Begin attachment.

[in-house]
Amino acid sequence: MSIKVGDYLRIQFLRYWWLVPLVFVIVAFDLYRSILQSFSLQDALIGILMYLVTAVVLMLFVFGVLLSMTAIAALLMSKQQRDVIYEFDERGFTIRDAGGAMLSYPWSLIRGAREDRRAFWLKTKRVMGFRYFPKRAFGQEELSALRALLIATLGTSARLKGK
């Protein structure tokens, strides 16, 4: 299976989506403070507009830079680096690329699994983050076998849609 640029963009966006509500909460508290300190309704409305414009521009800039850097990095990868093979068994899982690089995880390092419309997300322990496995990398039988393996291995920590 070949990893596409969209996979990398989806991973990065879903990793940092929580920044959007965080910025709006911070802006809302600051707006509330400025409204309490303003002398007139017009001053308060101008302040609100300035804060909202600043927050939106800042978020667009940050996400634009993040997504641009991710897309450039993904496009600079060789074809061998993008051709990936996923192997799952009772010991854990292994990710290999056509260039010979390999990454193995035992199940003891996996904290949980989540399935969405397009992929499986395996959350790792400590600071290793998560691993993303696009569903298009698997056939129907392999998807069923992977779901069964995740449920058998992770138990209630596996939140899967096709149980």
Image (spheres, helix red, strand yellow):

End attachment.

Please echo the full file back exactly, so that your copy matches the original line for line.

[in-house]
Amino acid sequence: MSIKVGDYLRIQFLRYWWLVPLVFVIVAFDLYRSILQSFSLQDALIGILMYLVTAVVLMLFVFGVLLSMTAIAALLMSKQQRDVIYEFDERGFTIRDAGGAMLSYPWSLIRGAREDRRAFWLKTKRVMGFRYFPKRAFGQEELSALRALLIATLGTSARLKGK
């Protein structure tokens, strides 16, 4: 299976989506403070507009830079680096690329699994983050076998849609 640029963009966006509500909460508290300190309704409305414009521009800039850097990095990868093979068994899982690089995880390092419309997300322990496995990398039988393996291995920590 070949990893596409969209996979990398989806991973990065879903990793940092929580920044959007965080910025709006911070802006809302600051707006509330400025409204309490303003002398007139017009001053308060101008302040609100300035804060909202600043927050939106800042978020667009940050996400634009993040997504641009991710897309450039993904496009600079060789074809061998993008051709990936996923192997799952009772010991854990292994990710290999056509260039010979390999990454193995035992199940003891996996904290949980989540399935969405397009992929499986395996959350790792400590600071290793998560691993993303696009569903298009698997056939129907392999998807069923992977779901069964995740449920058998992770138990209630596996939140899967096709149980």
Image (spheres, helix red, strand yellow):